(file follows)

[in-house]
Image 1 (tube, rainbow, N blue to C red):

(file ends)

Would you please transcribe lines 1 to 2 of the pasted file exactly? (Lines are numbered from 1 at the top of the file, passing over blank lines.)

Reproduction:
[in-house]
Image 1 (tube, rainbow, N blue to C red):